TV OT: Why ‘Selling Sunset’ is TV’s best reality show. Plus, a bad reaction to ‘Jagged’
I in some cases seem like an investigator of things that do not matter.
Wish to fix a murder? Call somebody with genuine abilities. Have a minor point you wish to use proof you discover on the web? Come sit by me.
For instance, eventually throughout the summertime, I saw numerous cast members from “Selling Sunset” published a series of pictures from a luxury yacht celebration however one cast member — token bad guy Christine Quinn — was not in any of the images. I right away texted a fellow “Selling Sunset” watcher to contemplate the lack, “Was she a no-show or not invited?” I asked. We then introduced into some investigator work that assisted us form theories which, having currently binged the upcoming 4th season, which has actually been offered to push ahead of the brand-new seasons’s Nov. 24 best, I now understand ended up being real.
That’s when it occurred to me: With “Keeping Up with the Kardashians” off the air, the only household worthwhile of maintaining with nowadays is The Oppenheim Group.
Efforts to discover standard households worthwhile of the Kardashian Truth crown have actually been so far uninspiring. (Sorry, D’Amelios.) However 4 seasons into its run, “Selling Sunset” has actually shown itself worthwhile of filling deep space for a brand-new First Household of Fly-on-the-Wall truth.
The show, about a herd of gazelle-like female realtors and their two males bosses, not only fills the void of the Kardashians but is a sort of reality TV transformer —at times it’s “The Hills” and others it’s “Million Dollar Listing.” The storylines go beyond tiny quibbles that are solved in an episode and end with “In the end, we’re family,” the formula that made “KUWTK” a snooze at times. Instead, we’re invited into storylines that combine high-stakes real estate, plenty of petty trash talk and build up to big, soapy confrontations.
The upcoming season is in some ways the best and worst season so far. The main storyline — which finds the office splintered by the addition of some new faces — is strong, but it also feels like producers struggled to fill the rest of the season with minimal material. (How many times did editors have to include comments about Christine’s post-baby body?)
Even with its weaknesses in the upcoming season, If “Selling Sunset” aired daily for an hour, I’d watch every day. And I wouldn’t be alone.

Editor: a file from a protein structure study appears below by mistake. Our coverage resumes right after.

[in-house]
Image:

I guess you could say that whatever “Selling Sunset” has actually been selling, I’m sold.
A not-so-bitter ‘Pill’ to swallow
Elsewhere, Brian Lowry watched the new HBO documentary about Alanis Morissette, and still can’t quite figure out why she slammed it.
Specifically, Morissette objected to a portion of the documentary and its ‘salacious agenda’ that discussed the way men hit on her when she was just 15 years old, and regrets that she harbors about that period in her life.
‘You’re not consenting at 15,” she says during the interviews, adding of the questions regarding why women don’t report sexual assaults right away, ‘Women don’t wait. A culture doesn’t listen.’
To a third-party observer with no dog in the fight, Morissette’s irritation seems misplaced, especially because she admits to having undergone ‘copious amounts of therapy’ to address her past, and how living under such public scrutiny is ‘not a normal social construct.’
Anyway, ‘Jagged’ kicks off a run of HBO music documentaries, to be followed by films about Earl ‘DMX’ Simmons, Kenny G, producer Robert Stigwood, and Juice WRLD under the “Music Box” banner. And at least the first one well worth watching, even if its subject doesn’t think that you should.”
“Jagged” premieres Nov. 18 at 8 p.m. ET on HBO, which, like CNN, is a unit of WarnerMedia.
‘The Line’ examines the media’s role in the Eddie Gallagher case
In other docu-content (and there’s a lot of it this week), Lowry looks at the Apple four-part podcast-turned-series “The Line.”
Produced by among others Alex Gibney, the four-part Apple TV+ docuseries (and related podcast) includes interviews with Gallagher and his accusers, who present strikingly different accounts of what transpired in Mosul, Iraq, both in their interviews with the filmmakers and videotaped questioning from NCIS investigators.
‘They played the Fox fiddle beautifully,’ says former Navy Secretary Richard Spencer.
The SEALs who spoke up knew they were taking a chance that could endanger their careers but cite being alarmed enough by Gallagher’s actions to take that unusual step. Yet as key facets of the prosecution’s case crumbled, one team member interviewed anonymously says that at a certain point, “Everybody just gave up on justice.”
‘The Line’ captures the gung-ho mentality of these elite units, with member Dylan Dille likening serving in Mosul to ‘going to the Super Bowl.’
Whether that sports metaphor holds, ‘The Line’ makes a compelling argument that military standards didn’t represent the just line that might have been crossed in the course of the Gallagher case.”
“The Line” premieres Nov. 19 on Apple TV+.
Congratulations, Adele. Your concert at the Los Angeles Observatory drew more viewers than the 2021 Oscars. As executives at CBS pop champagne, I’d like to offer any other viewer-hungry networks my proposals for other concerts that would be worth watching.
- Lady Gaga at the Great Wall of China. No censors invited
- Mariah Carey at the North Pole because where else would we send the Queen of Christmas?
- Taylor Swift at La Tomatina Festival. All the red she can handle.
- Celine Dion under the Northern Lights, so I can never stop crying.
- Ed Sheeran at Stonehenge. I’m not sure why however it works.
- Beyoncé at Mt. Everest. I indicate, she’s done whatever else at this moment.
Jobber Wiki author Frank Long contributed to this report.